Gazumping – What a funny word!

I’ve always found the word “Gazumping” to be a pretty funny word. Where did it come from? Why does it mean what it means?

Despite my fascination with the word, unfortunately, in a seller’s market, gazumping can happen to you. What is it? Well, it’s what happens when you have a verbal agreement with a real estate agent about the price of a property that you want to purchase, and then bam, in the next week, when you’ve figured out your finance, and gotten maybe some legal advice, the real estate agent says to you:

“Sorry, someone else offered a higher price, and the vendor’s accepted their offer”

Despite having a verbal agreement, you can’t enforce that agreement. If you’ve spent some money on getting pre-purchase inspections, or some legal advice, you’re out of pocket. The vendor has no obligation to refund you for any costs that you’ve incurred – just because you’ve got a verbal agreement doesn’t mean that it’s binding.That being said, if you paid some sort of “expression of interest” fee to the vendor – that must be refunded.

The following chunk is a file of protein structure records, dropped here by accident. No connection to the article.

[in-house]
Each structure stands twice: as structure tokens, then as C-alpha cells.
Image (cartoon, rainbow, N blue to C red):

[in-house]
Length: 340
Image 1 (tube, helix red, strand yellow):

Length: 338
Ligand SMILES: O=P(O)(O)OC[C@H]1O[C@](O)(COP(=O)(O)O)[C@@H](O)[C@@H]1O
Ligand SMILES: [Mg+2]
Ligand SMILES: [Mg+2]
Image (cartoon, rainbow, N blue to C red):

In New South Wales, a contract to sell or purchase property is only binding between the parties if a specific process has been followed. This is where:

  1. Two contracts are issued, one to the purchaser and the other to the vendor
  2. The parties each sign their copy of the contract
  3. The parties each exchange their contracts – the purchaser holds on to the contract that the vendor has signed, and vice versa

It is also usual that during this time, the purchase gives a deposit of 10% to the vendor (or their real estate agent).

You can’t really protect yourself against gazumping unless the contracts have been signed and exchanged – but you can certainly minimise it by:

  1. Making sure that your finance is ready, and that you don’t need some extra time to arrange for it
  2. Minimising any delay between the offer and exchange of contracts, such as getting the contract asap so that your solicitor can examine it, or getting your pre-purchase inspections done as soon as possible.

That being said, you shouldn’t rush this decision by just going ahead and signing and exchanging the contract. You should always carefully consider everything before signing and exchanging the contract – because if you decide at a later stage to exercise your cooling off, that will result in you forfeiting 0.25% of the purchase price.

When purchasing property, you must strike a balance between being cautious and making sure that you’re satisfied with the property before signing the contract, and acting swiftly to make sure that nobody else gazumps you.

Our experienced lawyers understand you fully when it comes to these things, and where possible, will give you speedy advice to help you with your purchase.